3. Al-Bahr al-Madid (Cairo: Dar al-Tawfiqiyyah, n.d.), 4:327.
‘Yes, by God! Yet it is odd how, in our ignorance, we ignore the cure and race to the disease. For God, exalted is He, says: Remember Me and I will remember you. [Q.2:152] And also: But the remembrance of God is greater. [Q.29:45] And: Those who have faith and whose hearts find tranquility in the remembrance of God. For in the remembrance of God do hearts find tranquility. [Q.13:28] But this will not be attainable, except with God’s enabling grace (tawfiq). So whoever persists in supplication and on knocking at the door, it shall be opened for him.’1
Most of what people say today can probably be put into the malady category, as opposed to the remedy one. So much of what passes as conversation nowadays is either words of dislike, spite or contempt of others, in the form of backbiting, slander or tale-carrying; or it is expressions of greed, vice, self-infatuation and self-love; or words that are pointless or meaningless, which are said simply for the sake of saying something.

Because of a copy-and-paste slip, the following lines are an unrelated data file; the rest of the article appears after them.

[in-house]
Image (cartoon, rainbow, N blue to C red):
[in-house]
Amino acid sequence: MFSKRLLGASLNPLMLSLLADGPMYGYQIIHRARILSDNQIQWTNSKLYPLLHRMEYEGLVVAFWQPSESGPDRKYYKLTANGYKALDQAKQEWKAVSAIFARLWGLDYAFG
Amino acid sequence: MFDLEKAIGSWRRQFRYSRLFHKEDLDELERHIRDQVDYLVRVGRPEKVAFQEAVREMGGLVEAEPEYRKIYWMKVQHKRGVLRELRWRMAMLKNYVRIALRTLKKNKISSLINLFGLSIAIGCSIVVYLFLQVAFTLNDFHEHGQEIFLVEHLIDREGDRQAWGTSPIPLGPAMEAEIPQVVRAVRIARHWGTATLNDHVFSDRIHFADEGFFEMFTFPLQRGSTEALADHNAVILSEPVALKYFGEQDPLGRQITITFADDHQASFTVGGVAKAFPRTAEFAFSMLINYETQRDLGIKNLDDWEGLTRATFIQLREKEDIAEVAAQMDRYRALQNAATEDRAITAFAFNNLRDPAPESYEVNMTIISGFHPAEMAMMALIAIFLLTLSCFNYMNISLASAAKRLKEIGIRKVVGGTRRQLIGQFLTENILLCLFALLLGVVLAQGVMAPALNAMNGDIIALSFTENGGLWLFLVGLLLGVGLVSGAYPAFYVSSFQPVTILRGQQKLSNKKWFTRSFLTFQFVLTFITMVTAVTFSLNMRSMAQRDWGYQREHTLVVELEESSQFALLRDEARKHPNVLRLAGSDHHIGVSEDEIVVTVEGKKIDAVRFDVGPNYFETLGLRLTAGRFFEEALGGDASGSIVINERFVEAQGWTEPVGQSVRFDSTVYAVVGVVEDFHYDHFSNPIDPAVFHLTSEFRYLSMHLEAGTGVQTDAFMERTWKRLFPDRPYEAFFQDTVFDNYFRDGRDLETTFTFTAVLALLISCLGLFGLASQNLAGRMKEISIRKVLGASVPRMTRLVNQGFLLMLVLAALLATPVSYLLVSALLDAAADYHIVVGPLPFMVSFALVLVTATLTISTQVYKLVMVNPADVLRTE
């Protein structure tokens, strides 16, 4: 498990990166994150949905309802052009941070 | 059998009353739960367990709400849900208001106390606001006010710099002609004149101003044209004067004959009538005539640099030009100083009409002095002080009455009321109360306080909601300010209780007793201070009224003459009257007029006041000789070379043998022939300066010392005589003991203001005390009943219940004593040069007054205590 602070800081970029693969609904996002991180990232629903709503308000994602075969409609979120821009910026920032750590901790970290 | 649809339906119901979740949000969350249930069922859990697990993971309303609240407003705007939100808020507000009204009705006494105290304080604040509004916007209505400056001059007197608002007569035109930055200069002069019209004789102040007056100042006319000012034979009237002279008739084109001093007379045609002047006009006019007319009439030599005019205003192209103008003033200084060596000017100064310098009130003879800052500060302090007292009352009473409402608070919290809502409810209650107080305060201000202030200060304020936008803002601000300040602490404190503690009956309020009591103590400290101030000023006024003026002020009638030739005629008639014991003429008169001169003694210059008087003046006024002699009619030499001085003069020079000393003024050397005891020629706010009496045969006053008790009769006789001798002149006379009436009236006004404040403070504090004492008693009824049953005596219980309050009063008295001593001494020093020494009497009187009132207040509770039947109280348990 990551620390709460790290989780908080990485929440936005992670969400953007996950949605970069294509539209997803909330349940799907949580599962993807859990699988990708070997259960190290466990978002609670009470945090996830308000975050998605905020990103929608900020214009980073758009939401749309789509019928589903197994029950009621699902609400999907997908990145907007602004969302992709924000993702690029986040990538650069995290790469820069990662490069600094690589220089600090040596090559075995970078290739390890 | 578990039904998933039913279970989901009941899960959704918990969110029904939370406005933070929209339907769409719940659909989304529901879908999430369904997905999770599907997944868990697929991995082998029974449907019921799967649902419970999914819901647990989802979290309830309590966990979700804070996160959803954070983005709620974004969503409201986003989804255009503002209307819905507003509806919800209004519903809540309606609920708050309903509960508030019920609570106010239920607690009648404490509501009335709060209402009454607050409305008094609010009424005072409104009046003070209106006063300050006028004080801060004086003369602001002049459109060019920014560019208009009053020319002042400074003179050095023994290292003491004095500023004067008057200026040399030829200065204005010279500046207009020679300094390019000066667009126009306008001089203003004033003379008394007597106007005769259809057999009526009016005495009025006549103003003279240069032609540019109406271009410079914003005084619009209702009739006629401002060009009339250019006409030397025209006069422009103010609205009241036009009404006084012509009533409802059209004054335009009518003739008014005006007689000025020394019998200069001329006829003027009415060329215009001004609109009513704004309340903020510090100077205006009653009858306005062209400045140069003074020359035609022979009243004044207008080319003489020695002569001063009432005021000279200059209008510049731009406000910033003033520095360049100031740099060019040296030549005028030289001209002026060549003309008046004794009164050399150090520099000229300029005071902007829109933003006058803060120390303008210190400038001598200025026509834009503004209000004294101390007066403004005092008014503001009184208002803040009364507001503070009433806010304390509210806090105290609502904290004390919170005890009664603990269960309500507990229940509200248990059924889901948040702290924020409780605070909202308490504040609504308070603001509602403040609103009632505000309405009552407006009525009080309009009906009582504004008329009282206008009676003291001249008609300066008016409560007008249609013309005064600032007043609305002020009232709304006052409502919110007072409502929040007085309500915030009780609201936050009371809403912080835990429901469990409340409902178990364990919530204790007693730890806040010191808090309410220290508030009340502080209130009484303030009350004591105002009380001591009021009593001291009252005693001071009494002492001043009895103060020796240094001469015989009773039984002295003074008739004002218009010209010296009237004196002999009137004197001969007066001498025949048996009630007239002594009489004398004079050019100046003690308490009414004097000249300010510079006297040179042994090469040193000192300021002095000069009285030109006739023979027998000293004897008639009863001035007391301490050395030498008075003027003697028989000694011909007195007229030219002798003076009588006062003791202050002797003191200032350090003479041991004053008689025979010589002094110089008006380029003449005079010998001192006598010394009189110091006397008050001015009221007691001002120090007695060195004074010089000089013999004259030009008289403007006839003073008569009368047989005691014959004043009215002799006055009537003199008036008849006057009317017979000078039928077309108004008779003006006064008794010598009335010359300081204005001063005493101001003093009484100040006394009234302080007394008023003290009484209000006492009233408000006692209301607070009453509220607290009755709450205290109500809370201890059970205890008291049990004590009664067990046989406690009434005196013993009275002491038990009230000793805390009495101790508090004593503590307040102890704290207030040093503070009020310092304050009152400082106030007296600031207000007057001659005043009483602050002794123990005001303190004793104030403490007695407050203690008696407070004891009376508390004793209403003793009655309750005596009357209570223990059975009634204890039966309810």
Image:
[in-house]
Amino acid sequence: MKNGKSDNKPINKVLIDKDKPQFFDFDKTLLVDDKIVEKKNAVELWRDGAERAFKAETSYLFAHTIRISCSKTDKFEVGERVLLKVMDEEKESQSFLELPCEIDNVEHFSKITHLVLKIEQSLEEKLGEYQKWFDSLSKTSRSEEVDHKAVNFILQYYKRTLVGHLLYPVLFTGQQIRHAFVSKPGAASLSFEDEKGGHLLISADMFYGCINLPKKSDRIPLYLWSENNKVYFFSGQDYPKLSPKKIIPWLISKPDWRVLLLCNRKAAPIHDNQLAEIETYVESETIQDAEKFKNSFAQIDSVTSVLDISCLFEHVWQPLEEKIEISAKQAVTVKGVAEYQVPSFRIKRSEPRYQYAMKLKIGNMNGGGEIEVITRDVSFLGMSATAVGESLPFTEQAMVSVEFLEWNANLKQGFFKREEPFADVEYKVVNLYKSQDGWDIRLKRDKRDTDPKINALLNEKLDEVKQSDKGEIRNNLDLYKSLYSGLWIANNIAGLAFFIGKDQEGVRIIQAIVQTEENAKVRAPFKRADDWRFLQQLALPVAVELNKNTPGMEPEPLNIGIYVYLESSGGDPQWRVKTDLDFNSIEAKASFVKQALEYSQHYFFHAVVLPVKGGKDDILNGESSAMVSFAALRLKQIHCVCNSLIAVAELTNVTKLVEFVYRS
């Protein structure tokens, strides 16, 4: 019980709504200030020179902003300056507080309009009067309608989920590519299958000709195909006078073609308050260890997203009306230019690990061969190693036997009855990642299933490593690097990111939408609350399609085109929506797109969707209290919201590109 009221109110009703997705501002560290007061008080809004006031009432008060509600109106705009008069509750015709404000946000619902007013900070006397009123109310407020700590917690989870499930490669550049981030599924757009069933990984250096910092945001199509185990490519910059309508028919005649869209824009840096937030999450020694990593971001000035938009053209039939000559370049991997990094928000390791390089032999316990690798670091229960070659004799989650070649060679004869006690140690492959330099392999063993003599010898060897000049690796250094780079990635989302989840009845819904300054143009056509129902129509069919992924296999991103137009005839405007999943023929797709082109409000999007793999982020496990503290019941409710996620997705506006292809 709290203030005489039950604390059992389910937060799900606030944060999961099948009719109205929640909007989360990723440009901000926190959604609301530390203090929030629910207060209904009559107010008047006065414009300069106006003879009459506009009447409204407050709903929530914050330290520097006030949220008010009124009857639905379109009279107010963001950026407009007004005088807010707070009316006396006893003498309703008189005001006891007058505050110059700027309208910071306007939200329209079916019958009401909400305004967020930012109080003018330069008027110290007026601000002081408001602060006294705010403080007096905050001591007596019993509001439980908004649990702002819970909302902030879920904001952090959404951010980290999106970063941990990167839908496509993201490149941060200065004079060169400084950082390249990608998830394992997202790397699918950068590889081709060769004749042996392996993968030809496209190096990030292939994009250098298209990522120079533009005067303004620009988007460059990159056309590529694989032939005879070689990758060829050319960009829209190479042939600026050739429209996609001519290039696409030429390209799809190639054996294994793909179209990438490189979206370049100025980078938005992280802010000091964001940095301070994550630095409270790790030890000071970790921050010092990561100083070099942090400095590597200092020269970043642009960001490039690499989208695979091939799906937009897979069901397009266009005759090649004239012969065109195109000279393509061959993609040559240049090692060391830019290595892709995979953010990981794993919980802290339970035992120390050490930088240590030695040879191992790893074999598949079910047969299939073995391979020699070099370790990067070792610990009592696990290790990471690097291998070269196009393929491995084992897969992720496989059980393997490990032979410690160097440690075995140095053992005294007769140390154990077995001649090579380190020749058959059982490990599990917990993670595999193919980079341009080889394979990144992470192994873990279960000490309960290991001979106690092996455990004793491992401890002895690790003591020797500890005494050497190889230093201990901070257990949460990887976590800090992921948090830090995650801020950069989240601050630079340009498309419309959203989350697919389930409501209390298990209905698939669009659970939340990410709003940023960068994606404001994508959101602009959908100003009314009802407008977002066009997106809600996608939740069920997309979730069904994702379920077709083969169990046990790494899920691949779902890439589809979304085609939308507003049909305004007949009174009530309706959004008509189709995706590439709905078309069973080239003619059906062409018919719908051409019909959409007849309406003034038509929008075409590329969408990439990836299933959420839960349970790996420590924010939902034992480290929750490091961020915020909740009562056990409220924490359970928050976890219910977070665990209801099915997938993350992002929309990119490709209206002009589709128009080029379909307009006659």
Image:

Both the Qur’an and the Sunnah teach us to be economical with our tongue and to think twice before we utter anything. Among the many verses which urge us with respect to hifz al-lisan, or ‘guarding the tongue’, are the following: And the Book [of deeds] will be placed and you shall see the sinners fearful of that which is [inscribed] in it. They shall say: ‘Woe to us! What kind of book is this that omits nothing small or great, but all is noted down?’ They will find all that they did put before them, and your Lord wrongs no one. [Q.18:49] And more specifically: Not a word does he utter except it is noted down by a vigilant scribe. [Q.50:18] And while estimates vary a lot, there are credible claims to suggest we utter 7,000 words a day! That’s a lot of words, bearing in mind: Two scribes, sitting on his right and his left, are recording [everything]. [Q.50:17]